Body of Freedom Exhibit in Riverside Celebrates Social Justice Through Art
A powerful exploration of social justice and equity has emerged in downtown Riverside with the recent unveiling of the 'Body of Freedom' exhibit. This meaningful showcase commenced on the evening of Thursday, February 1, at The Center for Social Justice & Civil Liberties. Visitors are invited to take part in the six-week exhibition which features an array of art forms from local community members and students, all reflecting a commitment to social justice.
The exhibit's opening night was a vibrant celebration with captivating performances. Rommel Motley was spotted seated beneath a door adorned with his wife Edith Motley's artwork. A striking performance of the 'Freedom Dance' was set to the Beatles' 'Blackbird', leaving the audience deeply moved. The exhibition brimmed with life as children joined in drum circles, fashion shows demonstrated social statements, and live poetry readings infused the space with raw emotion. Throughout the evening, the Freedom Choir's renditions provided an inspiring soundtrack to the gathering.
Community Collaboration and Contributions
'The Body of Freedom' is the culmination of communal collaboration and creativity. Prior to the exhibition, art workshops offered an open space for high school and college students, along with community members, to express themselves through art. One result was a mural at Riverside’s Ramona High School which now serves as a symbol of the endeavor's success. The Center for Social Justice & Civil Liberties, in partnership with the Riverside Community College District, the Arts Magnet Program at Ramona High, Division 9 Gallery, and the Inlandia Institute, facilitated this initiative. Support from the California Arts Council played a pivotal role in the project's fulfillment.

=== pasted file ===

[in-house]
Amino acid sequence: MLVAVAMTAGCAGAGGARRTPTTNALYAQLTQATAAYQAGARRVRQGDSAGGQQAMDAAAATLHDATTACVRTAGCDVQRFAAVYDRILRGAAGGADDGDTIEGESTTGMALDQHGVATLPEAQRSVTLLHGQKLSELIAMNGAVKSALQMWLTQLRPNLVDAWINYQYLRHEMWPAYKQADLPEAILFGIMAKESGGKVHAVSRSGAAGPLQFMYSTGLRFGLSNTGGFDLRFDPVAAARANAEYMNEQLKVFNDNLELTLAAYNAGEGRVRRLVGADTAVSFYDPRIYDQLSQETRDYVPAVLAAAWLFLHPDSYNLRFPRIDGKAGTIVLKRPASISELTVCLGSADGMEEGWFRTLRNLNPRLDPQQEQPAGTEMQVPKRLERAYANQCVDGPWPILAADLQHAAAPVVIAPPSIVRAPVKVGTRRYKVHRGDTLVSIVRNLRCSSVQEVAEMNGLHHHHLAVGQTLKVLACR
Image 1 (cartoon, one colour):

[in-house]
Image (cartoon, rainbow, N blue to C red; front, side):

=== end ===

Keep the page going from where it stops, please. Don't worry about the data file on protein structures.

Exuding the spirit of unity and the pursuit of justice, 'The Body of Freedom' exhibit can be visited until mid-March. The local community has lent its talent and voice to make this exhibition a resonant space where art meets activism.
The exhibit will remain open to the public through to Saturday, March 16, rooting the Center for Social Justice & Civil Liberties as a beacon of artistic advocacy. For those hoping to attend and be a part of this unique intersection of art and social consciousness, information on visiting hours and location is readily available.art, justice, community